nep-ppm New Economics Papers
on Project, Program and Portfolio Management
Issue of 2008‒06‒21
eight papers chosen by
Arvi Kuura
Parnu College - Tartu University

  1. Assessing the assignation of public subsidies: Do the experts choose the most efficient R&D projects? By Néstor Duch-Brown; José García-Quevedo; Daniel Montolio
  2. Veille stratégique en entreprise multinationale - Une étude de cas auprès de la Deutsche Telekom AG By Rohrbeck, Rene
  3. The Economic Opportunity Cost of Capital for Canada - An Empirical Update By Glenn Jenkins; Chun-Yan Kuo
  4. Säänneltyä joustavuuutta: hankemekanismit kansainvälisessä ilmastopolitiikassa By Heikki Marjosola
  5. How does University Collaboration Contribute to Successful R&D Management? By Broström, Anders; Lööf, Hans
  6. Corporate Social Responsibility Through an Economic Lens By Reinhardt, Forest L.; Stavins, Robert N.; Vietor, Richard H.K.
  7. Bridge to Somewhere: The Value of Auckland's Northern Motorway Extensions By Arthur Grimes; Yun Liang
  8. Aid Effectiveness Revisited: Comparative Studies of Modalities of Aid to Asia and Africa By Hiroyuki Hino; Atsushi Iimi

  1. By: Néstor Duch-Brown (IEB & Universitat de Barcelona); José García-Quevedo (IEB & Universitat de Barcelona); Daniel Montolio (IEB & Universitat de Barcelona)
    Abstract: The implementation of public programs to support business R&D projects requires the establishment of a selection process. This selection process faces various difficulties, which include the measurement of the impact of the R&D projects as well as selection process optimization among projects with multiple, and sometimes incomparable, performance indicators. To this end, public agencies generally use the peer review method, which, while presenting some advantages, also demonstrates significant drawbacks. Private firms, on the other hand, tend toward more quantitative methods, such as Data Envelopment Analysis (DEA), in their pursuit of R&D investment optimization. In this paper, the performance of a public agency peer review method of project selection is compared with an alternative DEA method.
    Keywords: Subsidies, R&D, DEA, Multi Criteria Decision Analysis, “peer review”.
    JEL: O32 C61 H25
    Date: 2008
  2. By: Rohrbeck, Rene
    Abstract: English ------- In today’s fast changing environment large companies need to be fast and flexible to compete successfully against smaller, more agile competitors. Strategic Foresight encompasses a set of tools, processes and organisation forms that enable large companies to identify, assess, and act upon opportunities and threats, that have been identified by weak signals in the periphery. Companies using Strategic Foresight aim at enhancing their innovation capacity, manage disruptions, and shape the future by creating trends favourable to their business model or to their expansion strategy. Based on a literature review, we define a generic framework for the management of strategic foresight activities on the strategic, tactical and operational level and identify and discuss actors, methods and systems of strategic foresight. Furthermore building on an in-depth case study of the Deutsche Telekom Laboratories we shed light on the implementation of strategic foresight activities. Taking an exemplary project based on opportunities that have been identified by strategic foresight activities, we explore how the different insights have been combined to create the innovation concept and project proposal. We conclude that strategic foresight can successfully contribute to improving the innovation capacity of a firm by combining impulses from the market (customer needs) and technology (realization opportunities) perspective. French ------ Dans un environnement concurrentiel et en forte évolution technologique les grandes entreprises doivent réagir en temps réel pour s’imposer face à des concurrents petits et flexibles. La veille technologique propose des méthodes, des outils, des procédures et des formes d’organisation, qui permettent aux grandes entreprises, à partir de signaux faibles d’identifier et de traiter les opportunités et les risques. Les entreprises utilisant la veille stratégique améliorent leur capacité d’innovation, leur management de disruption et leurs capacités d'influencer l'avenir en jouant sur les tendances du marché qui sont favorables à leur stratégie d’expansion et leur « business plan ». A partir d’une analyse littéraire nous construisons un modèle, qui distingue les niveaux opérationnel, tactique et stratégique. Simultanément nous identifions les acteurs, les méthodes et les systèmes de la veille stratégique. Par une étude de cas élaborée avec les Laboratoires Deutsche Telekom nous discutons la mise en place de la veille stratégique. Grace à l’analyse d’un projet issu d’une impulsion de la veille stratégique, nous étudions la manière dont les informations de la veille ont été combiné pour générer un concept d’innovation et une proposition de projet. En conclusion nous pouvons montrer que la veille stratégique – en combinant des impulsions du marché (besoin du consommateur) et des impulsions technologiques (capacité de réalisation) – peut augmenter la capacité d’innovation.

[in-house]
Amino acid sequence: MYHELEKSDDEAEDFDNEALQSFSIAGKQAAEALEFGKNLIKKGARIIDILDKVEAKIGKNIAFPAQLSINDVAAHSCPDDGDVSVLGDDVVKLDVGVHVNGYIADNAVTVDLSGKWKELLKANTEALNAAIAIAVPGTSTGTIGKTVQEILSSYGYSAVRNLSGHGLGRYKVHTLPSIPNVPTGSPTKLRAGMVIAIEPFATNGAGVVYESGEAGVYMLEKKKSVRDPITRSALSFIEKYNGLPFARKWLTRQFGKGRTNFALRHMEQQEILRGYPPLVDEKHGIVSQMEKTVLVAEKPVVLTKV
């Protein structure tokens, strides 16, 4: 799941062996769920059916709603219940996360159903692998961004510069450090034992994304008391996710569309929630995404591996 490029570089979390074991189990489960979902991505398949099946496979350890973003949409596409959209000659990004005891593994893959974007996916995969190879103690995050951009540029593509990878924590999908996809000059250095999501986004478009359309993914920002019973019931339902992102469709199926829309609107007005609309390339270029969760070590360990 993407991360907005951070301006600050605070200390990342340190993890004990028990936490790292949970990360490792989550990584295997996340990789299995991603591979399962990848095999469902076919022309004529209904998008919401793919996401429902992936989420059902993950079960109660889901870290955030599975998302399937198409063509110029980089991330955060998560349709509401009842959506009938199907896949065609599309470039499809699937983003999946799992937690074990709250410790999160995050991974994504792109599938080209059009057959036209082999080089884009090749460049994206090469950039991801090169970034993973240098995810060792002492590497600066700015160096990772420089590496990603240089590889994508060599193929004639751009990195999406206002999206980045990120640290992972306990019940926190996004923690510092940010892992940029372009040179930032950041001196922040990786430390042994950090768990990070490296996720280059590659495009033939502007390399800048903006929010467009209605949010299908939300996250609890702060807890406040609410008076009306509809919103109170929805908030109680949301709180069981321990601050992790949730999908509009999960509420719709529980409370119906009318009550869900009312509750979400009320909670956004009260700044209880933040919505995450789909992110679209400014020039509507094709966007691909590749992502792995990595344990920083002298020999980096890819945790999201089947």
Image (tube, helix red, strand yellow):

Keywords: veille stratégique; veille concurrentielle; veille technologique; veille consommateur; analyse du futur; strategic foresight; competitor foresight; consumer foresight; technology intelligence; future studies
    JEL: M0 M10
    Date: 2007–06–09
  3. By: Glenn Jenkins (Queen's University, Kingston, On, Canada); Chun-Yan Kuo (Queen's University, Kingston, On, Canada)
    Abstract: The social or economic discount rate is the threshold rate used to calculate the net present value of an investment project, a program, or a regulatory intervention to see whether the proposed expenditures are economically worthwhile to undertake. The size of the economic rate of discount has been a policy issue in Canada for many years. The debate has been primarily concerned with the empirical measurement of the economic opportunity cost of funds. The purpose of this paper is to reexamine and update the empirical estimation of what is the appropriate economic discount rate for Canada. The results suggest that estimates of the economic discount rate can range from 7.78 percent to 8.39 percent real. As a consequence, we conclude that for Canada an 8 percent real rate is an appropriate discount rate to use when calculating the economic net present value of the flows of economic benefits and costs over time.
    Keywords: discount rates, opportunity cost, project evaluation
    JEL: H43
    Date: 2007–07
  4. By: Heikki Marjosola